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    We’re calling it “The New-Fangled Potty Training Method”

    February 9, 2007

    Yesterday we were sitting in Barnes and Noble drinking our Starbucks when The Boy decided that he was going to revisit his aversion to coffee.  Or would that be attempt to overcome his aversion to coffee?  College freshman buy into the mantra that beer is an acquired taste and The Boy will lick the top of a beer bottle until all hints of hops are a faint memory.  What’s a little coffee?  He refuses to be thwarted.  I handed him my cup.

    E:  EWWWW.
    K:  Give it back.

    His father wandered back from a trip to the lav.  It was only then that The Boy realized where his father had gone.

    E:  Daddy, Eat-ney pee too.

    His father looked at me expectantly.  I looked at him like he has 24 heads on his shoulders.  If I even mention the bathroom to my son, he throws himself on the ground violently and wails.  If his father makes a suggestion, it is as if Dora the Explorer herself has come out of the t.v. and made the suggestion.  Why would you NOT take a child to the bathroom if he asked? 

    K:  How did it go?
    D:  It was a little complicated, but it was fine.

    People, those words are what we in the business like to call “red flags.”  The words, when uttered, seem out of place.  What’s “complicated” about pulling the kid’s pants down, taking off his diaper and plopping his ass down on the American Standard? 

    Did I heed these red flags?  Did I even acknowledge these red flags?  Oh, no.  I had a caramel macchiato in my hand and I had just had 3 minutes to myself.  I thought, “complicated?  Whatever.”

    Until hours later when the following occurred as I was making a cheesecake.  I heard The Boy follow his father into the lav down the hall.

    E:  Pee too, Daddy.
    D:  OK, Ethan.

    And I looked.  I still don’t know why I looked, but I did.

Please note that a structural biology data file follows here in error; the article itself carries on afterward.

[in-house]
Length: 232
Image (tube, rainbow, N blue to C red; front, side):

There was my husband holding his son in a fireman’s carry across his chest with pants pulled down and my husband attempting to aim his pee into the bowl.

    K:  WHAT IN GOD’S NAME are you doing?
    D:  He wanted to pee like Dad?
    K:  All over the floor, all over the toilet bowl and occasionally in the toilet?
    D:  Bitch.
    K:  Oh, prove me wrong.  Prove me wrong, I say. 
    D:  It’s difficult to help him pee without his getting it on his clothes.

    I have never once had this problem with my son.

    K:  So you decided to turn him upside and let his pee just fall into the bowl.
    D:  It worked.
    K:  Oh, he’s gonna be potty trained in no time.  Good job, Dad.

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    Solution-oriented? They would like to think so

    This morning The Boy climbed up into our bed complaining of cold feet.  Maybe it was because the thermostat was set on 50.  Maybe it was because with two comforters, a blanket AND a flannel sheet, he still can’t figure out out to, and this is going to sound so off the hook, pull the covers up.

    Or maybe it was because his warm footie PJ’s were missing the footies.

    E:  Mommy, cold, cold.
    K:  Ethan, where are the feet in your footie pajamas?
    E:  No feet, Mommy.

    His father was remarkably silent.  I grabbed The Boy’s feet and held them up to his father’s face. 

    K:  These pajamas had feet in them when I washed them yesterday.
    D:  Huh.
    K:  Is there something you want to tell me?
    D:  No.
    K:  Are you sure?
    D:  He was hot.
    K:  He was hot?  So you got a pair of scissors and cut the feet out of his pajamas?
    D:  He wasn’t hot anymore. 
    K:  At the moment.  And he certainly isn’t hot now. 
    D:  And they were too small for him anyway.
    K:  Good thinking.  It’s not like we would ever have ANOTHER boy that could wear those pajamas. 

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    3 of the 7 people surveyed at iVillage said that cocktails on playdates are OK

    February 4, 2007

    As we watched the video, I hit pause when Meredith referred to the iVillage survey.  I’ll admit it.  My husband has ruined me.  Never marry a statistician. 

    57% of people surveyed at iVillage said that cocktails at playdates were unacceptable.  No indication of number of people surveyed, no indication of margin of error. 

    K:  Is it just me or does that sound like a bullshit survey?
    D:  What’s iVillage?
    K:  Isn’t THAT the question of the day?

    On a lighter note, my pregnant belly is frightening the locals. 

    I am not joking.

    People have physical reactions when they catch a glimpse of my belly.  A woman walking past me at the mall today actually gasped when she looked at me.  As if I was freakishly disfigured.